During 2015, we’re going to be looking back on some of the best albums that were released 10 years ago and discussing their legacy. Feel free to share your thoughts and memories in the replies. Enjoy!
Contrary to what you might think, Eisley didn’t catch lightning in a bottle with their debut full-length album Room Noises. As fledging and fresh as the album feels, that release was the result of hard work and perseverance, developed from years of touring and refining their sound. Even after several years of grinding, Eisley still possessed an eager pep and sense of wonder.
Leading up to the release of Room Noises, the Tyler, Texas, indie pop band, comprised of the sisters DuPree (Sherri, Stacy, Chauntelle), cousin Weston and friend Jon Wilson, had already begun to make their mark. A few well-received EPs and a building local buzz led to a record deal with Warner Bros. and an opening slot on Coldplay’s Rush of Blood to the Head Tour. By the time the band dropped their anticipated debut, more than a few ears were already standing at attention.
What’s incredible about Room Noises isn’t just that the album met expectations or cemented Eisley as one of the most creative indie acts around, but that it’s simplicity and effortless enthusiasm still resonates a decade later. An effort that would serve as a building block for later lauded releases such as The Valley and Currents, Room Noises possesses a charm and distinct innocence that sets it apart from the band’s other records.
At its core, Room Noises is about love, imagination and youth. Even the album’s more somber moments are lifted by the beautiful harmonies of Sherri, Stacy and Chauntelle. In their later work, the trio would find more subtle moments to let their harmonies shine, but on Room Noises, they fly free and often, adding a dream-like feel to tracks like “Memories” and “One Day I Floated Away”.
Musically, the album leans on pop sensibilities, but the band isn’t afraid to let their rock side show when the situation calls for it. Sherri’s guitar tones on breakout single “Telescope Eyes” add a dark overlay to the song before Stacy’s keys take over during the opening verse. As Sherri sings, “I wonder, why can’t you see / You’re just not near enough like me / With your telescope eyes, metal teeth / I can’t be seen with you” it serves as the ambiguous build for the song’s melodic chorus.
This vague imagery pervades Room Noises, offering moments of hazy beauty, such as the eerie “Marvelous Things”, which finds Stacy singing the peculiar opening lines of, “I woke the dawn / Saw horses growing out the lawn”. “Lost at Sea” captures the album’s drifting imagery well, intertwining it with peacefulness as Sherri sings, “And I’m not so afraid / Lost at sea, as I should be / And I’m not so afraid / Lost at sea, you and I, you and me”.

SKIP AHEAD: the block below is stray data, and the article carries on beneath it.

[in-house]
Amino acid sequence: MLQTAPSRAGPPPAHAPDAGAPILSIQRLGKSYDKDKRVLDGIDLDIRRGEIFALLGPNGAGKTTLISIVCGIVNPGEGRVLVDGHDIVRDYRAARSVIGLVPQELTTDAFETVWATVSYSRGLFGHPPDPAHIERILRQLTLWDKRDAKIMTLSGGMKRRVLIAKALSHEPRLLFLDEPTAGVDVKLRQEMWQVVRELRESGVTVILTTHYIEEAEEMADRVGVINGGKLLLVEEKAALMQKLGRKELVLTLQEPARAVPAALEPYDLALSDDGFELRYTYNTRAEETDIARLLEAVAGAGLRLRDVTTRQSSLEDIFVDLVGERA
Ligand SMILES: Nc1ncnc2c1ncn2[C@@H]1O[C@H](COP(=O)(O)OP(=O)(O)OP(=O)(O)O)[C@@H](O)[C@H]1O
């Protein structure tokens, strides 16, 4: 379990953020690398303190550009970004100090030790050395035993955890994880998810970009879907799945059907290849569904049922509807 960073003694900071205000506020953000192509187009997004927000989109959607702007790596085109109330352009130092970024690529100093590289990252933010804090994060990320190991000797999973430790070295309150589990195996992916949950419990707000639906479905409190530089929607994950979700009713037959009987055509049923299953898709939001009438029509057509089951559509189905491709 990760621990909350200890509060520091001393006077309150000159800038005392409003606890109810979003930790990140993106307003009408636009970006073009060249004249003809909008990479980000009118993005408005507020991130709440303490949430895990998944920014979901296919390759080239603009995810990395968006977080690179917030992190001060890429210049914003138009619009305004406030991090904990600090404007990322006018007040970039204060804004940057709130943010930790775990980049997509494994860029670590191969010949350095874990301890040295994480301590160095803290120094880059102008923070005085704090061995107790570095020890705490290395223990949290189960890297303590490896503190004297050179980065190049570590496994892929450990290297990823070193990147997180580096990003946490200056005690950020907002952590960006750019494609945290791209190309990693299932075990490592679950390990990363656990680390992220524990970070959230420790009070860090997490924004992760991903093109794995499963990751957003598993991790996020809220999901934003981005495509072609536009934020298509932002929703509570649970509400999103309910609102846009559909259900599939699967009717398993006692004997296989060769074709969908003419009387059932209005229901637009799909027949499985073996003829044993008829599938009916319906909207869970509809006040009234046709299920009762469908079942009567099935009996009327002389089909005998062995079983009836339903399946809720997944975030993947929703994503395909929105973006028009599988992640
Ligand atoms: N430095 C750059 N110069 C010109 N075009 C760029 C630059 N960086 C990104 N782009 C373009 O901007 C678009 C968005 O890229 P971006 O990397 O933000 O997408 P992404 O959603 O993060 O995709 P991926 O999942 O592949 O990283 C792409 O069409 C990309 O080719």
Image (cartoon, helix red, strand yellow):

Other high points on the album include the ghostly chorus of “I Wasn’t Prepared” and the gentle pop rock drive of “My Lovely”. There are no weak points to be found on Room Noises, as the album moves at its own pace, unraveling each story with patience and delight. These noises aren’t meant to scare – instead, they’re catalysts for exciting exploration and wonder.
As the years following the release of Room Noises passed, the harsh realities of difficult life experiences and circumstances would lead Eisley in a much more blunt direction, culminating in 2011’s The Valley. That album, as adult and mature as Room Noises is innocent and youthful, captures the painful trials that come with adulthood and shares the story of how we overcome. It may very well be the band’s high-water mark, even as it sheds much of the band’s innocence, making their journey that much more real and authentic.
On “Brightly Wound”, the DuPree sisters join in singing, “I shall never grow up / Make believe is much too fun / Can we go far away to the humming meadow”. It’s the sentiment of many a child and the memory of many an adult. The unfortunate truth is that pain and disappointment are inevitabilities in this life; no matter how hard we wish them away.
Nevertheless, we’re always invited back to that place of peace, even as the pain passes. If nothing else, it certainly makes life’s bumps and knocks in the night just a little less scary.
by Kiel Hauck
Kiel Hauck is the editor in chief at It’s All Dead. Over the past decade, he has been a contributor for multiple online and print publications and was most recently an editor at PopMatters. Kiel currently resides in Indianapolis, IN with his wife and their imaginary pet, Hand Dog. You can follow him on Twitter.